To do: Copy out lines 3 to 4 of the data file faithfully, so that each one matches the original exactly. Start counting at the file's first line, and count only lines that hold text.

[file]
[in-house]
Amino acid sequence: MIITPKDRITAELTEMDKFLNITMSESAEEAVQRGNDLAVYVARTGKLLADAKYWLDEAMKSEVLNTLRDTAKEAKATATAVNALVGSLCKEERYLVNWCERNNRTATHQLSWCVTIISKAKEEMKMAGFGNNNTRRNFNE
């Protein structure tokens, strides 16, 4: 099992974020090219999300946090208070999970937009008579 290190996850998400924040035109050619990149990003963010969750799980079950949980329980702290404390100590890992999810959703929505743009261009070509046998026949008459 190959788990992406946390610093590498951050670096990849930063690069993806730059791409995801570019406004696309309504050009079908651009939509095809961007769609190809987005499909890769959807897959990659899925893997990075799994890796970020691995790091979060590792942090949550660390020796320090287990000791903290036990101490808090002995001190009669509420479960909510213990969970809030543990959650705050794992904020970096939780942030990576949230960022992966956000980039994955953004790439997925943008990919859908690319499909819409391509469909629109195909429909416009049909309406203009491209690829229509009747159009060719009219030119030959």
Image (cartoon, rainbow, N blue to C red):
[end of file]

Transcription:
């Protein structure tokens, strides 16, 4: 099992974020090219999300946090208070999970937009008579 290190996850998400924040035109050619990149990003963010969750799980079950949980329980702290404390100590890992999810959703929505743009261009070509046998026949008459 190959788990992406946390610093590498951050670096990849930063690069993806730059791409995801570019406004696309309504050009079908651009939509095809961007769609190809987005499909890769959807897959990659899925893997990075799994890796970020691995790091979060590792942090949550660390020796320090287990000791903290036990101490808090002995001190009669509420479960909510213990969970809030543990959650705050794992904020970096939780942030990576949230960022992966956000980039994955953004790439997925943008990919859908690319499909819409391509469909629109195909429909416009049909309406203009491209690829229509009747159009060719009219030119030959």
Image (cartoon, rainbow, N blue to C red):